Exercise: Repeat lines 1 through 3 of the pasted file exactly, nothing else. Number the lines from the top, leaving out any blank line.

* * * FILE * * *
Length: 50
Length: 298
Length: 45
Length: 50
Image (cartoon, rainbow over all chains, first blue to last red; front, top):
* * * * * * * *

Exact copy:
Length: 50
Length: 298
Length: 45